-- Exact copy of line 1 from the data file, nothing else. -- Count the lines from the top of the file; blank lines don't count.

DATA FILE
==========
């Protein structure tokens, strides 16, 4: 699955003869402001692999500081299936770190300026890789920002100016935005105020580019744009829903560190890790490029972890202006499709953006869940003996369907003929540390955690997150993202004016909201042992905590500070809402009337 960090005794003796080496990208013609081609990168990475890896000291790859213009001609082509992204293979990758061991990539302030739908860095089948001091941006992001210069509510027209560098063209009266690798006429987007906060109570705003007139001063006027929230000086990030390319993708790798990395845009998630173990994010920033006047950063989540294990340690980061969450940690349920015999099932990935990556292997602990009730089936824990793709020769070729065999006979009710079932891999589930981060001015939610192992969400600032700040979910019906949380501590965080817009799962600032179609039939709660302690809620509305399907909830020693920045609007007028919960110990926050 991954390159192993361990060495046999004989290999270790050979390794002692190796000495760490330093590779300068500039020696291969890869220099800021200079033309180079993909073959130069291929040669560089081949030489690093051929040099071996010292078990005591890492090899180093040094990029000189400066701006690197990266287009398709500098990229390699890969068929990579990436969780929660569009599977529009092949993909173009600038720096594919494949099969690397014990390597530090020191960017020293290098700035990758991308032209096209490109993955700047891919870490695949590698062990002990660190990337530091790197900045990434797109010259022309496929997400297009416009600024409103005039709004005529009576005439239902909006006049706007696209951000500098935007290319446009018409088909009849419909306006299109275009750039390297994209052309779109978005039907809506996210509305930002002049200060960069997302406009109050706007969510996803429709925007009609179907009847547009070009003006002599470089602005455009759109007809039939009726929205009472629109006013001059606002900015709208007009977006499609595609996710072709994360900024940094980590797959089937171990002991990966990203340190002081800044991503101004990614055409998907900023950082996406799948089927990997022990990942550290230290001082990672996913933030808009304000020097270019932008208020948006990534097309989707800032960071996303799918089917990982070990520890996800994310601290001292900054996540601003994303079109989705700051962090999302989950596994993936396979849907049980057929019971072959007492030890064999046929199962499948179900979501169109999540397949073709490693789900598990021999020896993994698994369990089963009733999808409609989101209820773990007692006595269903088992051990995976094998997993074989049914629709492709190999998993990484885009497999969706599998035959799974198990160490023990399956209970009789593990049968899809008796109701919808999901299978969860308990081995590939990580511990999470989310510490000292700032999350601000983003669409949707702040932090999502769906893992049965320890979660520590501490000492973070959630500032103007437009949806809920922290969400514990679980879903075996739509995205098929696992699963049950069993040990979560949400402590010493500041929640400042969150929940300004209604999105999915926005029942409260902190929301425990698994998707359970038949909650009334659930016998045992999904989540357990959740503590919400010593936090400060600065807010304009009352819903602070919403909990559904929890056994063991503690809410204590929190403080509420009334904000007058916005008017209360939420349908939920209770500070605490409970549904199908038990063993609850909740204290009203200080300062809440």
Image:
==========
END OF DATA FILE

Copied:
């Protein structure tokens, strides 16, 4: 699955003869402001692999500081299936770190300026890789920002100016935005105020580019744009829903560190890790490029972890202006499709953006869940003996369907003929540390955690997150993202004016909201042992905590500070809402009337 960090005794003796080496990208013609081609990168990475890896000291790859213009001609082509992204293979990758061991990539302030739908860095089948001091941006992001210069509510027209560098063209009266690798006429987007906060109570705003007139001063006027929230000086990030390319993708790798990395845009998630173990994010920033006047950063989540294990340690980061969450940690349920015999099932990935990556292997602990009730089936824990793709020769070729065999006979009710079932891999589930981060001015939610192992969400600032700040979910019906949380501590965080817009799962600032179609039939709660302690809620509305399907909830020693920045609007007028919960110990926050 991954390159192993361990060495046999004989290999270790050979390794002692190796000495760490330093590779300068500039020696291969890869220099800021200079033309180079993909073959130069291929040669560089081949030489690093051929040099071996010292078990005591890492090899180093040094990029000189400066701006690197990266287009398709500098990229390699890969068929990579990436969780929660569009599977529009092949993909173009600038720096594919494949099969690397014990390597530090020191960017020293290098700035990758991308032209096209490109993955700047891919870490695949590698062990002990660190990337530091790197900045990434797109010259022309496929997400297009416009600024409103005039709004005529009576005439239902909006006049706007696209951000500098935007290319446009018409088909009849419909306006299109275009750039390297994209052309779109978005039907809506996210509305930002002049200060960069997302406009109050706007969510996803429709925007009609179907009847547009070009003006002599470089602005455009759109007809039939009726929205009472629109006013001059606002900015709208007009977006499609595609996710072709994360900024940094980590797959089937171990002991990966990203340190002081800044991503101004990614055409998907900023950082996406799948089927990997022990990942550290230290001082990672996913933030808009304000020097270019932008208020948006990534097309989707800032960071996303799918089917990982070990520890996800994310601290001292900054996540601003994303079109989705700051962090999302989950596994993936396979849907049980057929019971072959007492030890064999046929199962499948179900979501169109999540397949073709490693789900598990021999020896993994698994369990089963009733999808409609989101209820773990007692006595269903088992051990995976094998997993074989049914629709492709190999998993990484885009497999969706599998035959799974198990160490023990399956209970009789593990049968899809008796109701919808999901299978969860308990081995590939990580511990999470989310510490000292700032999350601000983003669409949707702040932090999502769906893992049965320890979660520590501490000492973070959630500032103007437009949806809920922290969400514990679980879903075996739509995205098929696992699963049950069993040990979560949400402590010493500041929640400042969150929940300004209604999105999915926005029942409260902190929301425990698994998707359970038949909650009334659930016998045992999904989540357990959740503590919400010593936090400060600065807010304009009352819903602070919403909990559904929890056994063991503690809410204590929190403080509420009334904000007058916005008017209360939420349908939920209770500070605490409970549904199908038990063993609850909740204290009203200080300062809440």